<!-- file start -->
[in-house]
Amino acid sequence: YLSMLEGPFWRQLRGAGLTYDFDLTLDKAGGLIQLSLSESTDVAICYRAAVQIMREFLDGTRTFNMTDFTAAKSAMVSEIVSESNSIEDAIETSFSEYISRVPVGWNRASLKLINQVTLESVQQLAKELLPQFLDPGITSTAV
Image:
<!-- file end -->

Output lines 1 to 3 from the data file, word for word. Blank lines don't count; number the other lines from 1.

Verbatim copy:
[in-house]
Amino acid sequence: YLSMLEGPFWRQLRGAGLTYDFDLTLDKAGGLIQLSLSESTDVAICYRAAVQIMREFLDGTRTFNMTDFTAAKSAMVSEIVSESNSIEDAIETSFSEYISRVPVGWNRASLKLINQVTLESVQQLAKELLPQFLDPGITSTAV
Image: